# What class of problem is this, and what math do I need to know to solve it?

Mushroom cultivation requires fairly precise chemical composition of substrate (a.k.a. growing medium). Let's pretend we're growing shitakes and that this is the required composition of their substrate:

``````Nitrogen | Benzene | Toluene | Dioxygen Diflouride
5%       | 5%      | 10%     | 80%
``````

We want to create an appropriate substrate from materials we have on hand which we know the chemical composition of.

``````Material | Nitrogen | Benzene | Toluene | Dioxygen Diflouride
apples   | 5%       | 0%      | 5%      | 90%
oranges  | 20%      | 20%     | 50%     | 10%
Etc...
``````

How does one calculate this? It reminds me of solving matrices in high school. Is this something that can be done with matrices? What is this problem called? What do I need to know to solve it?

• Mmmm. Veery nice shitakes you've got with benzene and toluene and O2F2. Hope I don't ever come across them in a restaurant... Commented Jul 11, 2013 at 5:56
• @Deer Hunter: I hope I never come within less than 10 miles of that cultivation facility... Commented Jul 11, 2013 at 8:12
• FOOF! Commented Jul 11, 2013 at 14:25
• This problem gets even more interesting if you'd have to take into account the current price of apples and oranges.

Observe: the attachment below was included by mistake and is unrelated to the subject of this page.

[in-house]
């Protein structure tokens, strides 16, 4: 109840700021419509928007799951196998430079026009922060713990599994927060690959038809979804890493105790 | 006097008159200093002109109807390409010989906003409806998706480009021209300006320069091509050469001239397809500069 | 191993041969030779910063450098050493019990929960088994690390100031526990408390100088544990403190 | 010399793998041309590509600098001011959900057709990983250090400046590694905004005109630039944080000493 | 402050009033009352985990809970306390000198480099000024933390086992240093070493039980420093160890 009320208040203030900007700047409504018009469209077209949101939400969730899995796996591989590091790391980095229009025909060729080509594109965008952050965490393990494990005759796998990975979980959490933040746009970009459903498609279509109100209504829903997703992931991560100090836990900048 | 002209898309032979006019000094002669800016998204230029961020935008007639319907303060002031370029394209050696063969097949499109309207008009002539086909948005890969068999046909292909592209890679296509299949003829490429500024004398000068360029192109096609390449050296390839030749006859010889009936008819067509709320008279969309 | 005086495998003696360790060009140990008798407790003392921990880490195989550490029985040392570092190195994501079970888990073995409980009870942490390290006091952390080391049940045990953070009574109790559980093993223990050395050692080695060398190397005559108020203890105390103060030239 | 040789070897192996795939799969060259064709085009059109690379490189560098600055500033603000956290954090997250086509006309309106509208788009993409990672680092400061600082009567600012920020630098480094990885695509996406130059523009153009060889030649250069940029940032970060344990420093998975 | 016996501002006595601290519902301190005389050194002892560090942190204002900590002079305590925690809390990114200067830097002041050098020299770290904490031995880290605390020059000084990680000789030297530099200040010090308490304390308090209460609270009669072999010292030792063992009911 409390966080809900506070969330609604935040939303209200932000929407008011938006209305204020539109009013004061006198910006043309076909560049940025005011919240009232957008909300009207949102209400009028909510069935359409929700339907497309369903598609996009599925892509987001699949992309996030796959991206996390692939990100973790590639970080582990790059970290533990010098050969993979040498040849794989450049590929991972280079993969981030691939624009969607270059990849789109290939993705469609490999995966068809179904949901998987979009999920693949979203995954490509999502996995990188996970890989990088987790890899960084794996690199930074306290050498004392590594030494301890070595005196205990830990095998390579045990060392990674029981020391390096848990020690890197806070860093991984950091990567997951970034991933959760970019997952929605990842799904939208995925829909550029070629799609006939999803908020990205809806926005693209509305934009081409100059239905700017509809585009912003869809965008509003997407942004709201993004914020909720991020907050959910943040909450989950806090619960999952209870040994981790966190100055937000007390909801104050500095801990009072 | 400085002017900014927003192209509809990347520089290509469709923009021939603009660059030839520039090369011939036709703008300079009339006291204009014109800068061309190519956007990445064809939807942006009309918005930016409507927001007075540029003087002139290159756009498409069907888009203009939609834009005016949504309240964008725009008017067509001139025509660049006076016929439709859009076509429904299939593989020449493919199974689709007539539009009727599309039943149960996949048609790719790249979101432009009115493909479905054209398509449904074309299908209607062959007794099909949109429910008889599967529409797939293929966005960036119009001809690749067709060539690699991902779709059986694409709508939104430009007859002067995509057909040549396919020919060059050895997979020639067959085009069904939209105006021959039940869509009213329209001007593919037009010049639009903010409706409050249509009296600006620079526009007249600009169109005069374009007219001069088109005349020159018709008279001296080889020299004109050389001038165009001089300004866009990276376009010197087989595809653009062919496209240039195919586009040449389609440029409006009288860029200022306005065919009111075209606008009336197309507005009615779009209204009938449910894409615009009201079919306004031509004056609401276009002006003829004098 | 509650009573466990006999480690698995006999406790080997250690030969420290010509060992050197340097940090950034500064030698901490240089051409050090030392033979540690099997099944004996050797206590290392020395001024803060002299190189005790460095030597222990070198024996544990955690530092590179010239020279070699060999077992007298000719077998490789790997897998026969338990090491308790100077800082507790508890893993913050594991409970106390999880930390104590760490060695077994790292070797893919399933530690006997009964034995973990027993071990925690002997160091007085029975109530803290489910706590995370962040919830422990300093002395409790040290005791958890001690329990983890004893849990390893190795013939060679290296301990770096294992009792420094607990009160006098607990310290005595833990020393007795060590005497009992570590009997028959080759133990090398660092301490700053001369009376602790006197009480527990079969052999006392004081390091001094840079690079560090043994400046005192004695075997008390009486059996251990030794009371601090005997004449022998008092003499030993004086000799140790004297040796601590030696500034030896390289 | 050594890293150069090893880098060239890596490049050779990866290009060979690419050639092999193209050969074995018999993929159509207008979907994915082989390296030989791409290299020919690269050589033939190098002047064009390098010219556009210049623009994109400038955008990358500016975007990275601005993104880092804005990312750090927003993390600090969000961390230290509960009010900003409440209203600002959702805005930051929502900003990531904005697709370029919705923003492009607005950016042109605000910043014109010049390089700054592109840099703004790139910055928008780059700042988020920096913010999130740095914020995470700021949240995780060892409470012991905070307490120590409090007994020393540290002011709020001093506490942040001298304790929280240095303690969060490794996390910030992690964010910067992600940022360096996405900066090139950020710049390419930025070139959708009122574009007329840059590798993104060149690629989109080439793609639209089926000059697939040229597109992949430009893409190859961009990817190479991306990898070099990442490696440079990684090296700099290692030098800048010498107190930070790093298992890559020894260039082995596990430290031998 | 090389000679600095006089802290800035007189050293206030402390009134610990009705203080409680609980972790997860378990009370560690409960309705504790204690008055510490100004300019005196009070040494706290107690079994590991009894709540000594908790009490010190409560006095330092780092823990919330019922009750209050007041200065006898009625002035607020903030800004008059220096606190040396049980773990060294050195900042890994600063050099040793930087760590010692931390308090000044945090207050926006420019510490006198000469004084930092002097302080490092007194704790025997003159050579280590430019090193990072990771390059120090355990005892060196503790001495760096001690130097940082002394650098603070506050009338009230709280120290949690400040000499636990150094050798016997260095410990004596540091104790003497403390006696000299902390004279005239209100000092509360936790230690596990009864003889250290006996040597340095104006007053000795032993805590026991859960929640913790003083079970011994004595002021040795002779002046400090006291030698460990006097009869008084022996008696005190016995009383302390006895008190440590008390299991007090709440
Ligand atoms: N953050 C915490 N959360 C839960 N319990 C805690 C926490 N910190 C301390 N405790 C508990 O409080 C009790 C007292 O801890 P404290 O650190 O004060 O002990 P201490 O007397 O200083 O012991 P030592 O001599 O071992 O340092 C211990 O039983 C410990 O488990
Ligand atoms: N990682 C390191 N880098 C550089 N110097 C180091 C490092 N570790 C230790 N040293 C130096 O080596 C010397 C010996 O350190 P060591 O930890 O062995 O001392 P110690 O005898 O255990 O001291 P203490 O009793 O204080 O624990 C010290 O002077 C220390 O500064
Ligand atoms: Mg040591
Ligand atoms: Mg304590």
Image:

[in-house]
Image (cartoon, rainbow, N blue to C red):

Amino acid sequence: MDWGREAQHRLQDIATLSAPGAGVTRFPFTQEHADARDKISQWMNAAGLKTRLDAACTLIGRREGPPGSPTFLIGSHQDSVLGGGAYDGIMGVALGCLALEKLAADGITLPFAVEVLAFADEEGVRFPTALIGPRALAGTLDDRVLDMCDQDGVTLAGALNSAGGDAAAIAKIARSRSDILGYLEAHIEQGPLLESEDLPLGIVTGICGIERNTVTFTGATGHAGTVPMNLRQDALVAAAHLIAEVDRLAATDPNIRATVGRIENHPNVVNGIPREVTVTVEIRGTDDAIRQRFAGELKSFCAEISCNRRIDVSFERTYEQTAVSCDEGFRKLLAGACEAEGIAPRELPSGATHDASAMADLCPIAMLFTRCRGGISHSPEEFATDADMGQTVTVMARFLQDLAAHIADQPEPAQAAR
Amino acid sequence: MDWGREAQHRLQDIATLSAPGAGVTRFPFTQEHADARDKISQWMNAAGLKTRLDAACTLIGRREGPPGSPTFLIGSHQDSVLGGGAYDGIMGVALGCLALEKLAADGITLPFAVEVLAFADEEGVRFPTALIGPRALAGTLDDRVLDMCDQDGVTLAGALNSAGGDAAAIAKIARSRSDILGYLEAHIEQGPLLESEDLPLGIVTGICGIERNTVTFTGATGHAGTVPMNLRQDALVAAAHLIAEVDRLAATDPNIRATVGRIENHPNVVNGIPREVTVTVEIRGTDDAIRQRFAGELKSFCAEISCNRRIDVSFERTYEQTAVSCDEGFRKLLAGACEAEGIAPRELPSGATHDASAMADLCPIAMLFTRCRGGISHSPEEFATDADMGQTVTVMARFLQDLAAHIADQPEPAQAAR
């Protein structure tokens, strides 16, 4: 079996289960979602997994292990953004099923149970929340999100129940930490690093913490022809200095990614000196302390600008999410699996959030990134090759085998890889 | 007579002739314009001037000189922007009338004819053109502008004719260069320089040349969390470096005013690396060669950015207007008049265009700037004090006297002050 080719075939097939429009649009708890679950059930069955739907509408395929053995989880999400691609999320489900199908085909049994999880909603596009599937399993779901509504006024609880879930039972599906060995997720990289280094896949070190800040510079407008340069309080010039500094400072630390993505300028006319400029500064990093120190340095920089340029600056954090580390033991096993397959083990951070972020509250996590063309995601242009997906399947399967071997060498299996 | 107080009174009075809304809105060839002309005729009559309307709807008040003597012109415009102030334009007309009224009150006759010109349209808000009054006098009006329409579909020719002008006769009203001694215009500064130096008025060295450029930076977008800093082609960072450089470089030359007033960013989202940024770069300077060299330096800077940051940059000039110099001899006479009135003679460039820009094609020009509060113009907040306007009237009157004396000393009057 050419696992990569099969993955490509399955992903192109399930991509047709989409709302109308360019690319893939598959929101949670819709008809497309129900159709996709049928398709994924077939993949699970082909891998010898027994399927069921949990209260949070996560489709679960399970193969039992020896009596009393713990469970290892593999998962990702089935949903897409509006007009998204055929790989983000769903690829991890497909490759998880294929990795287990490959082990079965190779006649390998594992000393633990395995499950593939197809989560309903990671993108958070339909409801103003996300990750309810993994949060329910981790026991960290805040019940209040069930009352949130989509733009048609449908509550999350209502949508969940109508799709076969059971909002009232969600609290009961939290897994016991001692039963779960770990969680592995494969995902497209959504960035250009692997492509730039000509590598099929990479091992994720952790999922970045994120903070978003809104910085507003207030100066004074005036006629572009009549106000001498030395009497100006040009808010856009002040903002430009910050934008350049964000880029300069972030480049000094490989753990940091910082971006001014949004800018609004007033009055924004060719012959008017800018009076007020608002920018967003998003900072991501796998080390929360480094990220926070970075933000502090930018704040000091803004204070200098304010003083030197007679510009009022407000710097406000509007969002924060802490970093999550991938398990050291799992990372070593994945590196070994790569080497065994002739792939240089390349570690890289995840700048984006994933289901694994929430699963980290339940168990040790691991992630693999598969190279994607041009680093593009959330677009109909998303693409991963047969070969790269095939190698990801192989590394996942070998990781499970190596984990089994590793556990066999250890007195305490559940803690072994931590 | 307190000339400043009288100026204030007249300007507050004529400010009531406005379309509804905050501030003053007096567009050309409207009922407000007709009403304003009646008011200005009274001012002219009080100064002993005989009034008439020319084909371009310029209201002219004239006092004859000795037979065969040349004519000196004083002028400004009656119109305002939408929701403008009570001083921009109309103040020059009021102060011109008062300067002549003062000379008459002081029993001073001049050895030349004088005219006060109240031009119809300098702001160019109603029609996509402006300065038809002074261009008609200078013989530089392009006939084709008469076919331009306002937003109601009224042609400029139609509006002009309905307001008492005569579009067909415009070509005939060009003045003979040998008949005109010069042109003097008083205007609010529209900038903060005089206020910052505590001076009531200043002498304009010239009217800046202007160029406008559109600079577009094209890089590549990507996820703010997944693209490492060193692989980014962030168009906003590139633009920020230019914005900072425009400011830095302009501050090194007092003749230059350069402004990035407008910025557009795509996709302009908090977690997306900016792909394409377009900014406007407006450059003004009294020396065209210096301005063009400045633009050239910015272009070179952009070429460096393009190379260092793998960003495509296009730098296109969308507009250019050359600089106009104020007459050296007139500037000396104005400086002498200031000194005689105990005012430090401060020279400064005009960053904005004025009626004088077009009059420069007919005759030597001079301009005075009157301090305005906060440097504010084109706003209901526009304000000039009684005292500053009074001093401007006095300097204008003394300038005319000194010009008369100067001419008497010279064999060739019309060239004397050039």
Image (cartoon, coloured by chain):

– Ingo
Commented Jul 11, 2013 at 14:33
• "mushrooms" -> as in the clouds of same shape? Commented Jul 11, 2013 at 20:58

This is called Linear Programming. It is NP-Hard for integer constraints but there are methods of dealing with this, see Jeff Erickson's notes on the subject. The most common method is know as the Simplex Algorithm.

Basically you're finding the vertices of shapes formed geometrically by the linear equations representing your constraints. You proceed till you find the optimal one. In this case, the ratio of needed substrate components.

• Linear Programming is actually not known to be NP-hard, it can be solved in polynomial time. It only gets hard if you add integrality constraints (e.g., you don't want 3.7 apples, but it must be a whole number). Commented Jul 11, 2013 at 7:39
• Fixed That Issue
– user28988
Commented Jul 12, 2013 at 22:43

Edit: this does not work, see comments

Since you have no inequalities and no cost minimization here, you don't actually need linear programming, you can just solve it as a system of linear equations. E.g. apples+oranges=1, 0.05*apples+0.20*oranges=0.05 etc.

• As long as the system solutions don't give negative fractions (e.g. mix in -22% of apples and +122% of oranges to make up 100% ...) Indeed, system of linear equations give some candidates (interior solutions?) but then edge cases need to be checked as well. Commented Jul 11, 2013 at 7:50
• Right, I forgot about that. Commented Jul 11, 2013 at 7:50
• An LP formulation would work well, since it could include the restriction that all quantities are positive. Commented Jul 11, 2013 at 7:52
• Changes are that cost minimization with respect to apple/orange price ratio would be the next step in the evolution of this program.
– Ingo
Commented Jul 11, 2013 at 14:34
• @Ingo Yeah, you're right; I hadn't thought that far when I asked the question. That will be step two. Commented Jul 12, 2013 at 19:59